By The Metric Maven
It is amazing what specific skills a person can develop in a niche profession. My grandfather on my father’s side was an upholsterer. Each Summer I would spend a couple of weeks with my Grandparents in their upholstery shop. I would watch as sofas would be brought into the shop, and as my grandfather removed the worn fabric and cushions a rain of coins and small curiosities would generally hit the floor. After he had repaired and hot glued the sofa frame and such, the fabric was to go back on. It was at this point, that I received my first of many warnings as a very small boy, which I’ve never forgotten. My grandfather would take a handful of tacks (small sharp nails) and put them into his mouth. “Don’t even think about doing what your grandfather just did,” my grandmother would admonish. Believe me, I was never tempted, I was only stunned in slight disbelief. My grandfather would then stretch the fabric with a stretching tool of his own design, and in quick succession bring a tack hammer with a magnetic end up to his mouth, which had a nail head first ready to be plucked, and quickly hammer in a succession of tacks to hold the fabric. It was a mesmerizing thing to watch. For me it was similar to sword swallowing, or fire eating, at a carnival side show. As I recall the tacks had been blued, and on the side of the box it said: Sterile. Apparently my grandfather was not the only one who engaged in this method of applying tacks.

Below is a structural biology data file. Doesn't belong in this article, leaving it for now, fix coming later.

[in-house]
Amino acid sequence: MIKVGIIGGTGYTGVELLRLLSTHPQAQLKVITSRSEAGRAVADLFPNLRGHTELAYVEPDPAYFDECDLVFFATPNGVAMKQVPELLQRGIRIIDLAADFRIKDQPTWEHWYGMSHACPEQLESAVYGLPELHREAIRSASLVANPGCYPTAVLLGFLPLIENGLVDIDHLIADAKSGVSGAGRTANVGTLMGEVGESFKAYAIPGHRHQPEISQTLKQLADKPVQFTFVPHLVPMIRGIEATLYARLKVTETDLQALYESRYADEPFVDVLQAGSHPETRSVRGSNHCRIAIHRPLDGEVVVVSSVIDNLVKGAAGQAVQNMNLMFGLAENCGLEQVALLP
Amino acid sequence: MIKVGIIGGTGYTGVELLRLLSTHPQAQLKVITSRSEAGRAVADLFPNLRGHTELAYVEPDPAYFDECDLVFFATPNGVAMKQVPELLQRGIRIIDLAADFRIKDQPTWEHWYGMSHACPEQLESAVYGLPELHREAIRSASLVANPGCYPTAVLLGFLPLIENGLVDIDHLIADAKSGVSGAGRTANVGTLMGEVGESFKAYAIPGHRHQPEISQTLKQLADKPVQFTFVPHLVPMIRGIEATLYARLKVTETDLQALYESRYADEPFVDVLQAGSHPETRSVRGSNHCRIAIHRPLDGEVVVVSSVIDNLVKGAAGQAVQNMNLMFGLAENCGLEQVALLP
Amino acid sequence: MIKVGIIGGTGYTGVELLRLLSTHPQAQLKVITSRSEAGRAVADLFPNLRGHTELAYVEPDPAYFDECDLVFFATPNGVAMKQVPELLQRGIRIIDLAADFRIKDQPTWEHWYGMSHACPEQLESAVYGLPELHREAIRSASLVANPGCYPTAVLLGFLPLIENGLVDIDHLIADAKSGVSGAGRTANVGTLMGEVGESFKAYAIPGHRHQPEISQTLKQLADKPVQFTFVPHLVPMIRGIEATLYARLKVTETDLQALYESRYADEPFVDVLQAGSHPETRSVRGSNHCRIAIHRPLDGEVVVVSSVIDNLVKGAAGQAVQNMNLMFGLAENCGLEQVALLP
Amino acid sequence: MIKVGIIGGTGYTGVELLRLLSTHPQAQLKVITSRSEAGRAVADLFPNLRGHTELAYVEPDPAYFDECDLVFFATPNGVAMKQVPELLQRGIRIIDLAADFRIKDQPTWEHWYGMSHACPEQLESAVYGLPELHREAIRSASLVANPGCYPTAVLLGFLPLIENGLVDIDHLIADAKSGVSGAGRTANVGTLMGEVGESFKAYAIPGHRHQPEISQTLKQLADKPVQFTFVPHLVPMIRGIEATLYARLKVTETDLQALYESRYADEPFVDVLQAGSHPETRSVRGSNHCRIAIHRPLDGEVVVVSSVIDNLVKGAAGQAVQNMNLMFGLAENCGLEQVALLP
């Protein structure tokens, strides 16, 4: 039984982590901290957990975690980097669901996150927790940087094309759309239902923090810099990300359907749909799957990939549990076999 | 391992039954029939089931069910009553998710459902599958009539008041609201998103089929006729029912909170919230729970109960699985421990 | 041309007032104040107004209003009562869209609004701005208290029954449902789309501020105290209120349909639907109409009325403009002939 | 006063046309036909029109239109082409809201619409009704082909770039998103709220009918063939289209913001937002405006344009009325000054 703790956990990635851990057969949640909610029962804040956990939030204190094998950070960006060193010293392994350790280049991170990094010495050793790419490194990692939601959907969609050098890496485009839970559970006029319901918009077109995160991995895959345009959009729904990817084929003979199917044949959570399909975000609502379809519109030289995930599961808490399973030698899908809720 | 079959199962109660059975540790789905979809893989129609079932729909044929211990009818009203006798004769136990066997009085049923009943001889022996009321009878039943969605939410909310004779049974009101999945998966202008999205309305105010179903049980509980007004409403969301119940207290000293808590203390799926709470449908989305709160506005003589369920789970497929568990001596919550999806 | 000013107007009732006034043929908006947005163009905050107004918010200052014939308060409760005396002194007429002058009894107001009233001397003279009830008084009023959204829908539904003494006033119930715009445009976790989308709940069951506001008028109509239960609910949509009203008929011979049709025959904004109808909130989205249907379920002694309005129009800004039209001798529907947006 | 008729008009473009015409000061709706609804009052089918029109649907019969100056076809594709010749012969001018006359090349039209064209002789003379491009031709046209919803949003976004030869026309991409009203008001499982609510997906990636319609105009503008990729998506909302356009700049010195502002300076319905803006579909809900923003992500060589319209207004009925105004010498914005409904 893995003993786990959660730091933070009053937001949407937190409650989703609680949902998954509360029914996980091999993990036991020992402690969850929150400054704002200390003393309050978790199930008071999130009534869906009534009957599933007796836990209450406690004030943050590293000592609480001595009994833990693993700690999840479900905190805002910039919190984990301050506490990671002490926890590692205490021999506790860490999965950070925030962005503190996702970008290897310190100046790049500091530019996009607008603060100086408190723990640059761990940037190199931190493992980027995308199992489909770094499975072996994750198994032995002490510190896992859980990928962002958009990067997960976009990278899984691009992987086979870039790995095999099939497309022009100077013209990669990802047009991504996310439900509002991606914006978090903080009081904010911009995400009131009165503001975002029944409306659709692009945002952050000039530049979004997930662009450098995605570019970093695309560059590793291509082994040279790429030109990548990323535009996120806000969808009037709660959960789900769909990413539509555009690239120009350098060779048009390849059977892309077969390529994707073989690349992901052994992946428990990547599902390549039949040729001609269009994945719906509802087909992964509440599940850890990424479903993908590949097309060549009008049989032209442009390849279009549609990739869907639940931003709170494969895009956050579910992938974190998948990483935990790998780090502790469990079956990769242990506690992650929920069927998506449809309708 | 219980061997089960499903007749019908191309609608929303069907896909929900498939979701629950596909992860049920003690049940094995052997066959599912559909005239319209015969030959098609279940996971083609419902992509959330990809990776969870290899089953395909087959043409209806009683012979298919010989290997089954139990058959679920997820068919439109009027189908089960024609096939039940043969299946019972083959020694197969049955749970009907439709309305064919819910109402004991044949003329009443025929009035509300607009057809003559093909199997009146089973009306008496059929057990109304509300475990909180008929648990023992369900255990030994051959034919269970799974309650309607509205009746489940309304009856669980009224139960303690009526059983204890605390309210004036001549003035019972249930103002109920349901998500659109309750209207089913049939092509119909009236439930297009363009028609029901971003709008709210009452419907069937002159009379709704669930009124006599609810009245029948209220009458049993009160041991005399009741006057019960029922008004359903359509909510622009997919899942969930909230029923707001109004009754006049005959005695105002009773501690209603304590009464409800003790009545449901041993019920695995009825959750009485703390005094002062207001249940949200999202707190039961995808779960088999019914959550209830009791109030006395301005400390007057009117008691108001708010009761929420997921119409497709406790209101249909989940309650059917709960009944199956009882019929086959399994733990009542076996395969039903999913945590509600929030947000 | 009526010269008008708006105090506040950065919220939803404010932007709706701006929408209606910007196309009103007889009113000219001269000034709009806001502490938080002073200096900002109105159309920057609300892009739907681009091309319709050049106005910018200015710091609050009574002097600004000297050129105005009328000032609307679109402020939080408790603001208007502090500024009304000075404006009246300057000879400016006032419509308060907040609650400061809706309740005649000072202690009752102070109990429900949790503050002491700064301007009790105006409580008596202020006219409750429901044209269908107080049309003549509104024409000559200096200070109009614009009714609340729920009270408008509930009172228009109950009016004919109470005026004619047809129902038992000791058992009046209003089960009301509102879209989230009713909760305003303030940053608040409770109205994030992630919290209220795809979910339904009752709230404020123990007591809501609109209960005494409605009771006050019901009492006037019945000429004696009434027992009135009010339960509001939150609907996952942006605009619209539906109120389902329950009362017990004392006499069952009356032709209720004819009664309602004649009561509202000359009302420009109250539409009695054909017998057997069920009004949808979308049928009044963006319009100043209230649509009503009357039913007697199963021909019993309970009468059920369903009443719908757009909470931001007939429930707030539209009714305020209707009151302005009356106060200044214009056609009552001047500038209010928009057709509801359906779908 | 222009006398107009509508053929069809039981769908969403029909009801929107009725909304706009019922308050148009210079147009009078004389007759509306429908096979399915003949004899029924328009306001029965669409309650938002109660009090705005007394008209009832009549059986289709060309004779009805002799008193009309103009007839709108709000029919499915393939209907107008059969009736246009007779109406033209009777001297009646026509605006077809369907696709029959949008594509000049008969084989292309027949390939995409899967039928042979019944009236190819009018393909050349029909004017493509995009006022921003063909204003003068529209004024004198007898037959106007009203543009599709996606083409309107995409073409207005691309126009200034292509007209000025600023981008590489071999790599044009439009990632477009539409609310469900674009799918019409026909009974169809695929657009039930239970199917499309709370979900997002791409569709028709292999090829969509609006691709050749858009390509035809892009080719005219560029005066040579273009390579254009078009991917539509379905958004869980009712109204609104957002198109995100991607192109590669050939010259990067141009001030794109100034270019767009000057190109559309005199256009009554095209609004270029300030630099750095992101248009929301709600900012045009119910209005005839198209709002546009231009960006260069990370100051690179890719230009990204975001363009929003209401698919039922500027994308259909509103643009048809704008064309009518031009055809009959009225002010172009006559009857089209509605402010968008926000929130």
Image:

During the summer in the small town where I first lived, I would hear the pounding of nails as houses were being constructed. The frames looked like strange, deformed, beige, whale skeletons with men pounding nails into them. The men generally had a type of half-apron on which had the name of the local lumber company printed on it. The apron had three open pockets where they kept nails, and withdrew them while building a house. One particular day I was tagging along with a fellow named Gunnar, and we went to get nails. Into the hardware store we went, and Gunnar requested ten penny nails. I was certain they cost ten pennies per nail. They must be very good nails at that high of a price. It slowly dawned on me that the designation was not cost, but was some manner of stating their size. Perhaps they weighted ten pennies? Indeed the nails were weighed in a saddle shaped piece of metal which fit into a scale (i.e. a scale-pan). But the weight was in pounds. I began asking how the sizing worked, but do not recall what I was told, other than I found the answer very unsatisfactory. I still had very little idea what this all meant until I decided to write this blog.
According to Wikipedia:
United States penny sizes
In the United States, the length of a nail is designated by its penny size, written with a number and the abbreviation d for penny; for example, 10d for a ten-penny nail. A larger number indicates a longer nail, shown in the table below. Nails under 1¼ inch, often called brads, are sold mostly in small packages with only a length designation or with length and wire gauge designations; for example, 1″ 18 ga or 3/4″ 16 ga.